There was some other 80s (or maybe late 70s) boardgame that had multiple races with different FTL approaches, but the name's eluding me.

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  2. Thanks for sharing, Dick! I was trying to remember if Cosmic Encounter had different travel modes or not. I played that once in 91 or 92 and can't remember a darn thing about it.

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    Replies
    1. No, CE has lots of races but it's very abstract, more of a social/deal-making game than a wargame, no real movement system as such.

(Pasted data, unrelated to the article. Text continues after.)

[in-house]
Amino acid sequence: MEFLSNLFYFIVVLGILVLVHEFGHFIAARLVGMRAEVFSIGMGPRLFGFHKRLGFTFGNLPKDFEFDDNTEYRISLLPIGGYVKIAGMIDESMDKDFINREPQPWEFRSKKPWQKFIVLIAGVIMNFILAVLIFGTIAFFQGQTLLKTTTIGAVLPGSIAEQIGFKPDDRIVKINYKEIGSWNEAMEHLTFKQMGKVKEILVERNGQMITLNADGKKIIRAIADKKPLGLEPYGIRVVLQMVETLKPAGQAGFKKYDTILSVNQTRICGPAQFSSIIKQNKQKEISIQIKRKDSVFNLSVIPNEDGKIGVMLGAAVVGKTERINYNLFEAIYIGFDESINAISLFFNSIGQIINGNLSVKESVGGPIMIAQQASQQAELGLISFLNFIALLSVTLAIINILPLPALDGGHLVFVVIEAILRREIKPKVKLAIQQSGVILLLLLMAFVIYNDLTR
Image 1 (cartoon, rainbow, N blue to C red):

FWIW, I think the game I'm not quite remembering was Dark Stars from Simulations Canada, but I'm not positive. Whatever it was, I recall one race (maybe the Terrans, even) used some sort of "dive into a singularity" FTL drive, while another used more Traveller-like hypersapce jumping and there might have been others - maybe some kind of big warp gate tech, that was a pretty popular trope back in the early 80s.

      Also, boy howdy, does Boardgame Geek have a lot of scifi games listed for the 70s and 80s. :)